Lottery For Tickets To Central Park Procession Opens Thursday To NY Residents Only


NEW YORK (CBSNewYork) — With three weeks to go until Pope Francis visits New York City, Cardinal Timothy Dolan on Wednesday unveiled a chair made for the pope that will be used for his Mass at Madison Square Garden.

The handmade birch wood chair was built in a Port Chester garage by immigrant day laborers.

“He wanted something very simple. He wanted something wooden. He didn’t want any designs. So we’re very grateful to the workers who are very proud of what that represents,” Dolan said. “A chair represents unity, and a chair represents teaching authority.”

The pontiff will enter the Garden in a golf cart-type vehicle, ride around the arena and eventually head to the altar, 1010 WINS’ Juliet Papa reported.

Garden officials told CBS2’s Lou Young they expect that could be a time when magic moments happen — like during Pope John Paul II’s entrance into the Garden in 1979 when he literally rescued a child in distress.

“He found a lost child, lifted her up and her parents found her. An iconic moment. Right here on the floor, right here,” MSG Vice President Joel Fisher told Young.

Dolan said the pope told him he wants “to pray with my people, and I want to see as many of my people as possible.”

Confessions will be heard before the Mass, which will have a choir of 25 singers and a 40-piece orchestra, WCBS 880’s Rich Lamb reported.

PHOTOS: New York City Prepares For Papal Visit

Fisher called it an honor to welcome the pope.

“Having the Holy Father lead 20,000 parishioners in a special Mass will go down as one of the top moments in Madison Square Garden’s history,” he said.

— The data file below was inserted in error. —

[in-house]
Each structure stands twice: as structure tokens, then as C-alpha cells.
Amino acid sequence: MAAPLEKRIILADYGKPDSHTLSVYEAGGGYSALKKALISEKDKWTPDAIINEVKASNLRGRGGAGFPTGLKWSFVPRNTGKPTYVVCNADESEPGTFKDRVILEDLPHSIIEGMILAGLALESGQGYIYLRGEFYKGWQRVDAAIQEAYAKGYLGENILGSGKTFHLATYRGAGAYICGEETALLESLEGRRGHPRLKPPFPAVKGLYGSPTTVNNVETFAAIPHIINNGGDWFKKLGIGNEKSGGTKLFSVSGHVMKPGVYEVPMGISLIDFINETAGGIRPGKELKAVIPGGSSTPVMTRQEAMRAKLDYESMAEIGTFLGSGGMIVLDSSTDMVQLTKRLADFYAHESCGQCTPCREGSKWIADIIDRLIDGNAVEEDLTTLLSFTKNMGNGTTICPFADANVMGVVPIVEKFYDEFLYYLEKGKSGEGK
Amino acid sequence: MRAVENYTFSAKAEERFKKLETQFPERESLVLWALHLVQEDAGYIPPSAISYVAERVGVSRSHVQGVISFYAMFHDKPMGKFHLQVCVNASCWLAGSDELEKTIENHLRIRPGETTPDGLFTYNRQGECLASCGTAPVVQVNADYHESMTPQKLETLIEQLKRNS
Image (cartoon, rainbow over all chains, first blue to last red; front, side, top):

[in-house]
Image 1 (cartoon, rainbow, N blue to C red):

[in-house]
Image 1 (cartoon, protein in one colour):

Francis will wear green during the Mass, and speak English, Spanish and Latin from the altar as he prays and preaches, Young reported. Five other languages will also be used during the ceremony to reflect the ethnic diversity of the city. The theme of the Mass will be peace and justice, reflecting Pope Francis’ emphasis on the dispossessed and the marginalized of our society.

The visit appears to be causing some anxiety among security officials, Dolan said.

“They’re so good, and they’re pros, and they’re used to everything, but obviously their major preoccupation and, sure glad it is, is to protect him, and I think they’re a little nervous,” Dolan said. “They’ve got a guy who has immense trust in divine providence … and we have a guy who does not want to be kept from the people. So it is a challenge for them, but they’re used to it.”

The pope will be in New York from Sept. 24-26. For a complete schedule of the pope’s upcoming visit, click here.

He will hold Mass at Madison Square Garden on the second day of his trip, following a procession through Central Park along the West Drive, where he will greet thousands of New Yorkers.

The route will head across the 72nd Street roadway and proceed south along the West Drive.

To get a ticket, you will need to click here or call 311 from Thursday to Monday. The tickets will be awarded in a lottery.

Only New York state residents may apply for tickets.

The winners will be notified Sept. 10.

“The pope’s visit to New York is designed to give as many New Yorkers access as possible,” said mayoral spokeswoman Monica Klein.

During his visit, the pope will also address the United Nations General Assembly, attend a service at the National September 11 Memorial & Museum, and visit Our Lady Queen of Angels school in East Harlem.

As WCBS 880’s Alex Silverman reported, multilayered security will be on hand for both the pope’s visit and the UN General Assembly, on what NYPD Deputy Commissioner of Intelligence and Counter-terrorism John Miller called “a level that we’ve never seen before.”

“If something happens, we have to manage that crisis and then manage the movement of His Holiness, those crowds and world leaders around it,” Miller said.

He said there could be 5,000 police officers on the detail at any given time.